The Supreme Court is about to determine the rights of same-sex couples looking to adopt

Supreme Court of the United States of America
Originally Published: 

Across the nation, conservative lawmakers continue to push anti-LGBTQ legislation. Already emboldened by the Trump administration, those lawmakers may be further strengthened by a pending federal appeal. The Supreme Court announced this week that one of its newest cases could be a major blow to LGBTQ rights — and potentially undo a landmark decision from the 1990s.

On Monday, the Supreme Court announced its decision to hear a case brought forth by Catholic Social Services, a religious organization based in Philadelphia that helps with foster care. The case of Fulton v. Philadelphia began in March 2018 after an article in The Philadelphia Inquirer exposed that CSS refused to place foster children in homes with same-sex couples.

This became an issue because Philadelphia's Department of Human Services provides funding to CSS. Rue Landau, the executive director of the Philadelphia Commission on Human Relations, told The Philadelphia Inquirer that CSS was likely in violation of the city's fair practices ordinance, which prohibits discrimination based on sexual orientation and is included in all city contracts.

Philadelphia ended up cutting CSS's contract for placing children in foster homes. That led to the agency suing the city, claiming that Philadelphia was violating CSS's First Amendment right to religious freedom.

"As a Catholic agency, CSS cannot provide written endorsements for same-sex couples which contradict its religious teachings on marriage," the group wrote in its petition to the Supreme Court. "The mayor, city council, Department of Human Services, and other city officials have targeted CSS and attempted to coerce it into changing its religious practices.”

The Supreme Court is additionally being asked to reconsider a 1990 ruling out of Oregon known as Employment Division v. Smith. The landmark decision placed limitations on when religious reasoning could be used to defy "generally applicable" laws — that is, laws that apply to all citizens and do not target one population in particular. In the 1990 case, it was ruled that ingesting a drug for religious purposes was still unlawful if that drug was illegal for the general population; in this case, the question is whether discriminating against same-sex couples in the name of religion is illegal, if it is illegal for all people to perform such discrimination.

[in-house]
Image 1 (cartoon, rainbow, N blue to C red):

"For three decades, the court has held that neutral government laws that incidentally burden religious exercise are not unconstitutional. But if the court overturns that decision, it could have enormous consequences, especially for the applicability of anti-discrimination laws to LGBT individuals," Steve Vladeck, a professor at the University of Texas School of Law, told CNN.

Seeing this case pop up now is concerning, but not a total surprise given that the Southern Poverty Law Center found the Trump election energized the anti-LGBT right. President Trump has appointed two justices to the high court, pushing it to lean to the right. And as the Supreme Court prepares to hear Fulton at the beginning of its next term in October, state legislators keep going after trans youth.

Because Fulton deals with government services, this case could have huge ramifications if the Supreme Court rules that CSS can in fact discriminate against LGBTQ couples while still receiving government funds. The decision will not only apply to CSS, but indeed grant such protection to organizations working in cities across the nation.

In addition, not only will LGBTQ couples be discriminated against, but it opens up great concerns about LGBTQ youth who are in foster care. Previous research has found that LGBTQ youth are over-represented in the foster care system. Right now, Vox predicts that due to right-leaning majority on the bench, the Supreme Court is likely to rule in CSS's favor.